Picture: A crowded beach in summer.
Text: As spring moves into summer, crowds of people come to beaches to enjoy summer recreation. Piping plovers are sensitive to the presence of people.
Picture: A piping plover on the beach with wings extended.
Text: If an adult plover detects a person coming, it is likely to fake a broken wing to lure the intruder away from its chicks or nest. If adults spend too much time trying to lure people away, their eggs and chicks become vulnerable to predators and to overheating in the hot sun.
Picture: A piping plover nest with two of the four eggs crushed, with a footprint indicating the nest was stepped on.
Text: Because nests and chicks are so well camouflaged, humans can walk right by a nest without even knowing it. Sometimes, this camouflage results in disaster.
Picture: Small group of people flying a kite on the beach.
Text: Kite flying is a popular beach activity, but kites may present a problem when flown near piping plovers. When plovers see kites, which they may perceive to be large predatory birds, they often stop feeding and run or fly towards cover. These types of interruptions impede the plovers' critical need to grow and store fat prior to their southward migration.
Picture: A beach crowded with trucks and vans.
Text: In some areas, vehicles are allowed on the beach- the same beaches where the plovers are nesting and feeding. The flightless chicks get stuck in the deep tire tracks that the vehicles leave, and are often run over by the vehicles themselves.
Picture: A beach with houses built almost up to the water.
Text: As our population grows, we are developing more and more coastal areas. This development and other human impacts have cut down on the habitat available for piping plovers to nest and feed, resulting in drastic population declines.
Picture: Cover of the U.S. Fish and Wildlife Service publication "Endangered and Threatened Wildlife and Plants." This is the official list of species designated threatened or endangered under the Endangered Species Act.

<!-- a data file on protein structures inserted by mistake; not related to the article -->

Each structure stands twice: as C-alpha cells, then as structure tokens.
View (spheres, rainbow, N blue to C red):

Text: In response to population declines, the piping plover was officially protected under the Endangered Species Act in 1986. This Act provides penalties for killing, harassing or harming the piping plover and provides some protection to its habitat.
Picture: A typical sign posted on beaches in areas where piping plovers are nesting. The large print reads "Area Closed: Endangered Birds Nesting." Descriptive text follows, along with illustrations of the black skimmer, the least tern, and the piping plover. At the bottom are the text and symbols "No vehicles," "No pets," and "No entry."
Text: Signs, like this one, are often posted in areas where the birds are nesting. It warns people to keep away and respect the birds' breeding space.
Picture: U.S. Fish and Wildlife Service employees erecting a predator exclosure around a piping plover nest. The structure is a roughly circular fence with a mesh roof which allows piping plovers to move in and out freely, but excludes many predators.
Text: Sometimes structures called exclosures are erected around a nest to further protect the eggs from predators.
Picture: Adult piping plover on the beach among clumps of beach grass.
Text: Many organizations and government agencies are working to protect the piping plover. With everyone's help, the piping plover will recover and no longer be a species threatened with extinction.
Picture: Text "Things You Can Do To Help Protect the Piping Plover." Inset picture of a sign reading "Congratulations! With your help, 5 pairs of piping plovers raised 11 chicks here in 1995."
Text: Remember- everyone can help!